The ratio R revealed that, by and large, differences in locomotor habit are not associated with a trade-off in resistance to bending vs. compression (Fig. 5). Humeral RCC was an exception to this, with significant differences occurring among mustelids locomotor habits between 25 and 90% of humeral length. Notably, in contrast to our separate tests of individual cross-sectional traits, RCC distinguished fossorial and natatorial mustelids, with badgers having significantly greater values of RCC than otters. This result suggests that, in the case of badger humeri, possible selection with regards to fossoriality in mustelids may pertain more to the ratio of resistance to particular loading regimes than the absolute resistance to a single loading regime. Compared to otters, badgers exhibit humeri with relatively greater resistance to bending about the cranio-caudal axis (Fig. 1) relative to the total amount of bone tissue comprising their humeral cross-section. In other words, badgers have a wider distribution of bone tissue in their humeral cross-section than otters in spite of having a lower amount of overall bone tissue within their cross-section. This result concurs with our earlier finding of badgers having more robust forelimb long bones (in terms of external dimensions; ) and our current finding that badgers have lower values of CSA than otters.
Humeral RCC also distinguished natatorial mustelids from scansorial mustelids, with martens having greater SMACC relative to CSA, and fossorial mustelids from generalized mustelids, further suggesting that the humerus’ relative resistance to different loading regimes may distinguish mustelid locomotor habits. The low values of humeral RCC displayed by natatorial mustelids likely reflect the medio-laterally compressed humeral diaphysis of otters, with such compression being common for aquatic tetrapods . These differences in RCC suggest there may be differences in incurred loading regime as forelimbs conduct different functions in mustelids. While this is an exciting topic of investigation, it unfortunately is beyond the scope of our study.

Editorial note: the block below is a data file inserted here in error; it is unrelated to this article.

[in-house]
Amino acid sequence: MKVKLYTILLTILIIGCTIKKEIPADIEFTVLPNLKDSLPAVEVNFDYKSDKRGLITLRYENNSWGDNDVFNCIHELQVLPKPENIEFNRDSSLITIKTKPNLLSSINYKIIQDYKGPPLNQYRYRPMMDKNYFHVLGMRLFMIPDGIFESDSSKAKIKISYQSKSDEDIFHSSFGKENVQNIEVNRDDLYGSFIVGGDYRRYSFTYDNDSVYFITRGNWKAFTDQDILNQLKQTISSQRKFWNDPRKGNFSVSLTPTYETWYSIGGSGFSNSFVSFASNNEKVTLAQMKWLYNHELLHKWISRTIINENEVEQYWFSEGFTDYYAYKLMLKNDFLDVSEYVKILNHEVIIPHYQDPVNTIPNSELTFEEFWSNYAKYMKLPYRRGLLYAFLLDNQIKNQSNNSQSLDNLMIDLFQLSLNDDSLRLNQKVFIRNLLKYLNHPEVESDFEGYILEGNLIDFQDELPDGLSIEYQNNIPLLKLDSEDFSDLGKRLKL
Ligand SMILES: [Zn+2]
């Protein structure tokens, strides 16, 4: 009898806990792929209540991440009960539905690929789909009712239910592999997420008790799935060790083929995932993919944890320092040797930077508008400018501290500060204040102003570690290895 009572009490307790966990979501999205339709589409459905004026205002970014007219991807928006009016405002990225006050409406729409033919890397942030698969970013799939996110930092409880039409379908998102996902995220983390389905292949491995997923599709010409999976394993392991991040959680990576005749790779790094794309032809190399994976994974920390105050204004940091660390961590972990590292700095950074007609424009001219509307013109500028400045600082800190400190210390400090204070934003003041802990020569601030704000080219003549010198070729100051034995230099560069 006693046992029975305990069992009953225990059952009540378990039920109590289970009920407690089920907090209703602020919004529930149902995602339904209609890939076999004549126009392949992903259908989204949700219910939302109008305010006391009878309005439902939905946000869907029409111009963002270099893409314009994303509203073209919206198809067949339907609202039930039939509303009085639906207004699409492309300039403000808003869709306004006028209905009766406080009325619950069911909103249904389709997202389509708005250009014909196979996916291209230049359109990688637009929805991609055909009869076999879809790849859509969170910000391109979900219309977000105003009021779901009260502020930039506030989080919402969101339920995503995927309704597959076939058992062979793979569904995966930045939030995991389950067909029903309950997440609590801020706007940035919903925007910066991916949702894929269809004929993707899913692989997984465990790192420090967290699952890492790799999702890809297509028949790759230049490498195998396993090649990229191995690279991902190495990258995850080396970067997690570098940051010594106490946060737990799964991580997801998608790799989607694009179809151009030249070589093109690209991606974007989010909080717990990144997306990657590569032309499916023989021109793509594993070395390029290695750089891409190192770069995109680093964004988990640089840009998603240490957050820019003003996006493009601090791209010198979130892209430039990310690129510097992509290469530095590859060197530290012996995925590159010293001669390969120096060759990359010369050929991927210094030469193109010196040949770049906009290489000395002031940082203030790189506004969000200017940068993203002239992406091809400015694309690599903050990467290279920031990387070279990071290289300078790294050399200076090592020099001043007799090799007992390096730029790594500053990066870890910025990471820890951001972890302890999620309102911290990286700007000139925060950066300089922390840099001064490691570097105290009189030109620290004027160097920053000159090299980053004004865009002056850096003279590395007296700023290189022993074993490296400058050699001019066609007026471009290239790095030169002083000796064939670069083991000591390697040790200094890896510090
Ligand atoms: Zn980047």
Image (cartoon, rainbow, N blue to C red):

Apart from humeral RCC, there is striking uniformity among other ratios of R (Fig. 5) in Mustelidae. This uniformity suggests that the relative resistance to different loading regimes is not fundamental to functional specializations of the limb and that a single ‘design’ of relative loading resistance allows for disparate limb functions. Furthermore, the uniformity in R values suggests that distribution of bone tissue (i.e., SMA) relative to the total amount of bone tissue (i.e., CSA) of a cross-section may possibly be phylogenetically conserved, or biomechanically or developmentally constrained, at least for the radius and ulna. A conserved internal morphology of the ulna is particularly surprising when considering mammals more broadly, given the variability of the ulna’s external dimensions in terms of its reduction, relative olecranon length, and robustness in relation to specialized limb functions [87, 88], though admittedly mustelids in and of themselves do not display such wide extremes in ulnar morphology. It remains unclear if our findings would, however, relate to the mesopodium or autopodium (carpus/manus).
Evolution of cross-sectional morphology